‘Spillback’ is when human pathogens mutate and affect other species, and almost a hundred cases have been recorded in the last twenty years. This is revealed by a 'census' carried out by Georgetown University (USA).
The phenomenon is called spillback, and it is the 'opposite' version of the better-known spillover (when pathogens are transferred from wild animals to humans). Spillback, on the contrary, is when viruses, bacteria or parasites are transmitted by humans to animals.
Sometimes it can even be a second passage, i.e. when a micro-organism first transmitted to humans by a wild animal as the result of a series of genetic mutations is then re-transmitted by humans to other species. For example, this 'double leap' has been seen with the SARS-CoV-2 virus that causes Covid. It was probably transferred from bats to humans, then from humans to pets, minks, big cats in zoos and laboratory animals.
Sometimes, however, it is a first infection, i.e. a virus or bacteria that normally infects humans and is then transferred to other species in various ways.
The phenomenon is still relatively little known, but there are several reasons why scientists urgently need to investigate every aspect of it. Above all, we need to bear in mind that animals infected by humans can become a kind of storehouse for the most dangerous pathogens, and subsequently spread them among humans, even when other means like vaccinations or drugs prevent this.
Is the omicron variant a spillback?
However, that's not all. Experts believe it is possible (and in fact often probable) that while a pathogen remains in an animal species infected by humans, it can also mutate and spread more easily. This theory has been suggested to explain the emergence of the omicron variant of the coronavirus, which is very different from previous ones.
In reality there are also other theories linked to the omicron variant that have nothing to do with animals. For example, according to some researchers, the virus has mutated in the bodies of people with compromised immune systems. Others believe the virus mutated in countries where there is no track and trace system, continuing to mutate for months before spreading and being discovered.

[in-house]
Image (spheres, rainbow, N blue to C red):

Data from the last twenty years has been analysed
In order to better understand what we know about these issues, a group of researchers from Georgetown University (USA) took part in the Viral Emergence Research Initiative (a project sponsored by the US National Science Foundation) and analysed scientific literature over the last two decades. They discovered a surprisingly high rate of spillback: with just under one hundred certified, recorded cases.
There are several routes of transmission, but what emerges from the US study is that in just under one in two cases the transmission occurred in captivity, such as in zoos or vets' offices, where animals are observed closely and where a handler may transmit germs.
Spillback was more likely to occur with primates, probably because these animals have an organism that is closer to ours, and because in many countries they are protected and studied closely to improve conservation.
Studies using Artificial Intelligence
As the science journal Ecological Latters highlights, research now has a tool that can make a difference by helping collect and store data recorded in the most diverse areas of the world, relating to thousands of pathogens in hundreds of animal species, including genetic investigations: A.I.
It is the only way to process millions of elements of such complex systems in a framework that is at least probable, in what is called host-virus network science. If properly handled, the data can help predict spillback and spillover.
For spillbacks, in particular, A.I. makes it possible to understand which animal species are most at risk, based on their genetic code and how their immune system is organised. This in turn makes it (theoretically) possible to plan appropriate countermeasures and careful monitoring to prevent epidemics and pandemics.
What has happened in recent months with SARS-CoV-2, is that we now have hundreds of studies of all kinds. These make up a critical mass of knowledge that is enough to make forecasts. The researchers’ conclusion is that we should aim for something similar for other pathogens, and for animals most at risk.